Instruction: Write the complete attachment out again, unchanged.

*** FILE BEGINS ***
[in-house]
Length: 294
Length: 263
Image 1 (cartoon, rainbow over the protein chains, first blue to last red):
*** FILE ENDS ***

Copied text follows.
[in-house]
Length: 294
Length: 263
Image 1 (cartoon, rainbow over the protein chains, first blue to last red):